I recently got a PR blast with a headline that caught my eye: "Big prospects for tiny Linux autopilot."
The blast was from a company called Erle Robotics, which makes inexpensive components for DIY robotics projects and drones. The product in question, the PXFmini, is a shield designed for the $5 Raspberry Pi Zero that includes a suite of sensors that just a few years ago would have cost thousands of dollars, including gravity, gyroscope, compass, pressure, temperature, and battery sensors.
But it was Linux specifically that caught my eye. Linux has emerged as the most exciting robotics platform in use. The systems built using Linux range from bots hacked together in home garages--the kind that might use components from a supplier like Erle Robotics--to the most sophisticated machines coming out of the fastest-growing hardware startups in the Bay Area. Seemingly overnight, our robotic future, which is now quite visible in the near distance, promises to be largely Linux-based.
Twelve robots that run Linux
Naturally, a lot of it has to do with the proliferation of Raspberry Pi micro controllers, which are based on an ARM processor that can run Linux. The ARM architecture means that some portions of Linux haven't been ported to the Rasp Pi, but for basic robotics controls (anything short of 3D mapping and navigation with a Microsoft Kinect, say) the Raspberry Pi with Linux provides the perfect brains for some very capable robots and drones.
And then there's a little thing called the Robotic Operating System (ROS). The name is deceptive because ROS isn't an operating system, per se. Rather, it's an open-source framework originally developed by Willow Garage, released under a free license in 2009, and currently maintained by the Open Source Robotics Foundation. In 2014, OSRF announced plans to add ARM Linux support to the Robot Operating System (ROS).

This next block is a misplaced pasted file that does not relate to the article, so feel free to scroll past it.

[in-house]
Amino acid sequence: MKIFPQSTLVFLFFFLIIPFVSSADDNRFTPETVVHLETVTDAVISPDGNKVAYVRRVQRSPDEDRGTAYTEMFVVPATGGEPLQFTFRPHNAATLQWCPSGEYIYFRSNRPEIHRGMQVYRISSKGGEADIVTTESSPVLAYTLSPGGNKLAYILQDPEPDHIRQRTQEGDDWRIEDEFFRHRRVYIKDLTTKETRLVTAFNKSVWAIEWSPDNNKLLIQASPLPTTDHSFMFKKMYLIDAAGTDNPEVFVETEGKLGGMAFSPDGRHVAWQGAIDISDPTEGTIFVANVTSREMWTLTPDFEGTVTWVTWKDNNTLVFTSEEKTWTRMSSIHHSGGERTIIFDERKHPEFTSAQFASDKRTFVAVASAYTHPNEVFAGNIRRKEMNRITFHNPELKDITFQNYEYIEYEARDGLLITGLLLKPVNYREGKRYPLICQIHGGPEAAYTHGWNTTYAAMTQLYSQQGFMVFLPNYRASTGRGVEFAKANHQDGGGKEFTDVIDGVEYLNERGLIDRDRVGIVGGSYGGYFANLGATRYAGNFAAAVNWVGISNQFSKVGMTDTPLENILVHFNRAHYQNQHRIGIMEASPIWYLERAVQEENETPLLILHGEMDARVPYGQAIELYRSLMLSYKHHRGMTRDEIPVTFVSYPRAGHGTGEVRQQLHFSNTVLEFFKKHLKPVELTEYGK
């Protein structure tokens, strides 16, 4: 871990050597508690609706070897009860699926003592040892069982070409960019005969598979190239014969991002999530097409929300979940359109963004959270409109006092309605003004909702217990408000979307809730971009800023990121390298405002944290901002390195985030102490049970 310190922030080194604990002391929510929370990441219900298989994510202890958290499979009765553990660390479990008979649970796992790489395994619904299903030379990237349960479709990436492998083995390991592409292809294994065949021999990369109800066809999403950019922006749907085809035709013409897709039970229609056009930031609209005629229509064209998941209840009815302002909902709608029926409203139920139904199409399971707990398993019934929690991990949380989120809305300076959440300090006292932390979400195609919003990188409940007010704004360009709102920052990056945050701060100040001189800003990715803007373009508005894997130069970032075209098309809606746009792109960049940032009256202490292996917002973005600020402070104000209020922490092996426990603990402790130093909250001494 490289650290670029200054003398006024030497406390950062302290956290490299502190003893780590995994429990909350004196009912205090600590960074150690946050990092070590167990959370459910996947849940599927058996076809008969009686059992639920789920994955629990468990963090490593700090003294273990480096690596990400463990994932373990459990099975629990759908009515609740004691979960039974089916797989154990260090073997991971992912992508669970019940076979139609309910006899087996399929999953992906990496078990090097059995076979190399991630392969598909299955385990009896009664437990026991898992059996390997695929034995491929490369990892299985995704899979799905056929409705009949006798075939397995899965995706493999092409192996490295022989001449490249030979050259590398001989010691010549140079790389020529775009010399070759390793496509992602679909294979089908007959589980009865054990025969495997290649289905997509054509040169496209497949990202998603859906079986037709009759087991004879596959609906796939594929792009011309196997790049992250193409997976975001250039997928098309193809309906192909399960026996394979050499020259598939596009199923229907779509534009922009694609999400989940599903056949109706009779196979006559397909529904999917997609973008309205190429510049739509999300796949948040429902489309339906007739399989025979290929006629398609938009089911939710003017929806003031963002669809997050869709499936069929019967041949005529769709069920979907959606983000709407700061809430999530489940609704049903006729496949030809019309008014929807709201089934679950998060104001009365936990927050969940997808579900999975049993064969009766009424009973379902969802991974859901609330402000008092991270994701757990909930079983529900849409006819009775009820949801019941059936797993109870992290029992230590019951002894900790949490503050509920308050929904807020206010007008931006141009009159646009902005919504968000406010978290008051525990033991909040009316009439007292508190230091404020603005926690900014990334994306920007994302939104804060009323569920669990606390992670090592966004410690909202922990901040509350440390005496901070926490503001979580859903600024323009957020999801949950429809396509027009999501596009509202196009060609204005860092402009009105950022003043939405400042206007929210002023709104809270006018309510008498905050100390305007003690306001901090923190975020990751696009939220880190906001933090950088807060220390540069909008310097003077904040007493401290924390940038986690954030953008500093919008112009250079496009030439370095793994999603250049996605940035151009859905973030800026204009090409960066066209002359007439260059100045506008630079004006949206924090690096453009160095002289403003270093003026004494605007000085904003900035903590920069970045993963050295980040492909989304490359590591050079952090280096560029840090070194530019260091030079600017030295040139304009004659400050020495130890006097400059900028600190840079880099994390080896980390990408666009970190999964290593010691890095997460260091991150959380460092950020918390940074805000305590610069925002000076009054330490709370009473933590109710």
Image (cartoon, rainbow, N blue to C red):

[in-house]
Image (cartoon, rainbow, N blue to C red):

Using an open-source approach, ROS has consolidated a lot of the advances in robotics controls and operation, giving roboticists access to pre-compiled packages that allow them to build systems using common sensors such as cameras and force sensors. Higher-level services, such as inverse kinematics and speech recognition, are easy to plug in, and when you need to write your own software you can do it in virtually any language. Motor drivers, for example, can be written in a language like C. ROS then allows communication through its network layer with high-level control processes written in a language like Python.
Because of ROS--and, by extension, Linux--startups like Savioke and Fetch Robotics are rapidly iterating new robots without having to reinvent the wheel when it comes to things like motion planning and lower level controls. That shaves years off development and underscores the power of an open source ecosystem when it comes to technology development.
A few months ago I spoke with Open Source Robotics Foundation president Brian Gerkey about ROS. Our conversation veered into a comparison between the future of open source robotics and the PC wars that pitted (and continue to pit) Windows against Linux. Windows took the early lead in the PC race, but the equivalent--a proprietary operating system--will likely never catch on in any significant way in robotics.
"You know, with windows versus Linux, Windows got there first by a long shot. It was the entrenched party. So Linux is the scrappy upstart. In the case of robotics, open source got there first. The community grew up doing things the open source way. There was actually a period in the mid-2000s where Microsoft put a lot of effort into its Windows-based Robotics Developer Studio. It had really good features, but it's never taken off. So yeah, I think robotics are proving to be a different situation than what happened with personal computing."
Long live Linux. Long live ROS. Long live open source.